I got to know Rodney after a while and discovered he was from the next holler over.  My holler was called San Mateo and his they called Belmont.  He and his younger brother Peter were still living with their parents in an upper middle class shack in the Belmont hills.  I also discovered that Rodney wasn’t the new guy – I was.  He was well-known in folk circles up and down the Peninsula and across the Bay in Berkeley.  He’d masterminded the folk music festival at the College of San Mateo where young Jerry Garcia made his debut to an unappreciative audience of frat rats.  Rodney and George ‘The Beast’ Howell had opened the Boar’s Head the preceding summer, a folk-oriented coffeehouse in the loft above the book store in San Carlos where George worked.  Garcia and the other Palo Alto folkniks regularly showed up there to jam into the weekend nights.

I started dropping in to see Rodney when I was down that way.  On my first visit, he showed me the six string balalaika he’d built out of orange crate wood.   It was his first sort of crude try at building an instrument.  He was way beyond now of course. He’d already finished a viol de gamba, and now he was building a harpsichord on his bedroom floor.  Its parts spread hither and thither across the  carpet; tools, a reel to reel tape recorder and an unmade bed filled the rest.  He used the tape machine to record performances at the Boar’s Head.  Apparently some of these tapes still exist and are passed from hand to hand in Deadhead circles.   They would include: Garcia, Ron McKernan, David Nelson, Rodneys’s brother Peter of course, and other less talented performers who went on to become teachers and bureaucrats and accountants – but still played pretty good.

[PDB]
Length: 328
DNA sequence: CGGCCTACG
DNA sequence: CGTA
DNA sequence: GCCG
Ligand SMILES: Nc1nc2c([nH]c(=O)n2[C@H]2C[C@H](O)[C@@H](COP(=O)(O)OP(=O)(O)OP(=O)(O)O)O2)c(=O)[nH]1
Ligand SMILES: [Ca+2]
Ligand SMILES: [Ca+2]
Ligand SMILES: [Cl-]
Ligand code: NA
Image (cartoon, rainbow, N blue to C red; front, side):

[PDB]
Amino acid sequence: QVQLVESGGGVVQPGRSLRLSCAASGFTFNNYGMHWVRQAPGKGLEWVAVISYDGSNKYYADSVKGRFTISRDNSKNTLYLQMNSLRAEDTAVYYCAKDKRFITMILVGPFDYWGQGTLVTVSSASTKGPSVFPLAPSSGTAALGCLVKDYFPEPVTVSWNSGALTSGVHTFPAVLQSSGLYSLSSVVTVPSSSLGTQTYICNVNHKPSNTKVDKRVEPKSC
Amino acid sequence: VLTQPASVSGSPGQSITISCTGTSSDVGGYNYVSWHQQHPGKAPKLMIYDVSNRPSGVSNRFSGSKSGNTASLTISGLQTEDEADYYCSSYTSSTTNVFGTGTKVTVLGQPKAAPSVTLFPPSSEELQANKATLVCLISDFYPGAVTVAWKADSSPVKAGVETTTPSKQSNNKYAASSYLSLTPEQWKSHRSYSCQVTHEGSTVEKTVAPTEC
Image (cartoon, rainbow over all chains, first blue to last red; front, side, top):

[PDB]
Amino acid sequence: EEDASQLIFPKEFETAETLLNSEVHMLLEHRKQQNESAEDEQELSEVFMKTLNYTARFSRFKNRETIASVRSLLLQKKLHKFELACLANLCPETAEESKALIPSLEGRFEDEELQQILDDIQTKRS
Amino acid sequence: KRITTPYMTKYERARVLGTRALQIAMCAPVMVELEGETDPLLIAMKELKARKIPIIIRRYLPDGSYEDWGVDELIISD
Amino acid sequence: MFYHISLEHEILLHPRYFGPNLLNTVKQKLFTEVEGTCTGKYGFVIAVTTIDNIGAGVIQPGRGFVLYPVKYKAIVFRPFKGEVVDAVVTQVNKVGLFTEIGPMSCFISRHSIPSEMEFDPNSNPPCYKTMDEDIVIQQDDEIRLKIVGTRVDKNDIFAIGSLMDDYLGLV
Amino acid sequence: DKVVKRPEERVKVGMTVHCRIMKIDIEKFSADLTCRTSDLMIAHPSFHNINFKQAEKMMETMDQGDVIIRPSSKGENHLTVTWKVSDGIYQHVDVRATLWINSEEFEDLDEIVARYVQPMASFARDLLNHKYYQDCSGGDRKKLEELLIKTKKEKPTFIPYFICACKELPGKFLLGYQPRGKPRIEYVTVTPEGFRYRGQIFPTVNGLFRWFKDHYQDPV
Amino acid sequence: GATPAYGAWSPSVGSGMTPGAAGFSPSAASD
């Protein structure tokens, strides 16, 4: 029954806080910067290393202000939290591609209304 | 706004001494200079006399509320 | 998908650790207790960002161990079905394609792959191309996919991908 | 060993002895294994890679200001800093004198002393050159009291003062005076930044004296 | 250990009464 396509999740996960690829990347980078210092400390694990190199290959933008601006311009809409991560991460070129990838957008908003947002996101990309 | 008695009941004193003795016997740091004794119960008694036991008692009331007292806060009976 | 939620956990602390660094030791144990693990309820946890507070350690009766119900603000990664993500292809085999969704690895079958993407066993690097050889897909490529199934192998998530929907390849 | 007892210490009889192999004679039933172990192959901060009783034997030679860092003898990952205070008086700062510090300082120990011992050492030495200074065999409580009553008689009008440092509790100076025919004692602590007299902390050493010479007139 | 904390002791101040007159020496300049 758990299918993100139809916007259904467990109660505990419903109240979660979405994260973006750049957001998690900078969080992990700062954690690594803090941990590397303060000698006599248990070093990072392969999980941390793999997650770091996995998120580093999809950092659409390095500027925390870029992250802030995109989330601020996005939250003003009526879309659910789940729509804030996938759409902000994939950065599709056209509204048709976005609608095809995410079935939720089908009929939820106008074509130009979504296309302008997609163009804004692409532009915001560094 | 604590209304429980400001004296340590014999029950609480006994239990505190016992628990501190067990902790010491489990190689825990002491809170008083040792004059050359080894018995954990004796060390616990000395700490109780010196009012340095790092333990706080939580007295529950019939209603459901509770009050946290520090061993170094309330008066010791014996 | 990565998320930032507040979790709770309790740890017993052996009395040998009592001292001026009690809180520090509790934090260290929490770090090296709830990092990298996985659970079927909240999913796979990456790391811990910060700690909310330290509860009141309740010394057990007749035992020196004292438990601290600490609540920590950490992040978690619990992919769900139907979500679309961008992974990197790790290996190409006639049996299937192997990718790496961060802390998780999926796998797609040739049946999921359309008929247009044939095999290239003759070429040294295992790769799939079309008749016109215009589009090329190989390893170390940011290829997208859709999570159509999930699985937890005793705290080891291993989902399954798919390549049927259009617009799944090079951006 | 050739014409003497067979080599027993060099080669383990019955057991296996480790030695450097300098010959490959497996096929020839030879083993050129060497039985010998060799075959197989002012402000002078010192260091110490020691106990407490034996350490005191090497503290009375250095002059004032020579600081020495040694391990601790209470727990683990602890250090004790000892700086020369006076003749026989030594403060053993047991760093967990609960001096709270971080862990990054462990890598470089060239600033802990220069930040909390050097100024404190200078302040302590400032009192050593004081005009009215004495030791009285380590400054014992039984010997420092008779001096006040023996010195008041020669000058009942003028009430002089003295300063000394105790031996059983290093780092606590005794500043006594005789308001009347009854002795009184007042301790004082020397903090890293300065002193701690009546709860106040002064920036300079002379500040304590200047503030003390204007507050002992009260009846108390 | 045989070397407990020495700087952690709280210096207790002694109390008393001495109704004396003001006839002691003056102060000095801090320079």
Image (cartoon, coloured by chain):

Rodney opened a whole new world to me.  Before Rod, folk music meant Joan Baez manning the barricades while Pete Seeger fired his musket at the Pentagon.  It meant peace marches, sit-ins and and drinking cheap dago red at parties while somebody plunked out ‘Twelve Gates To the City, Hallelujah’ on a nylon string guitar.  But these friends of Rodney’s were…dedicated.  They played bluegrass and old-timey stuff, They listened to Charlie Poole and the North Carolina Ramblers on scratchy 78s.  Was Charlie from Greenwich Village or Boston?  I wasn’t sure.  They sang about chickens loose in the barnyard squawk squawk and subjects like that.  Who could figure?  But, hey – I liked Rodney so I listened and tried to understand.  I just didn’t see how “Boil That Cabbage Down” would save the world from nuclear destruction.

Peter Albin was already a more accomplished musician, although still in high school.  He could wail on Bile That Cabbage Down but he could also play Mississippi Delta slide guitar riffs, and,  what really impressed me — he knew some Chuck Berry stuff.  I know I was supposed to have outgrown this teenaged foolishness, but tell my ears that!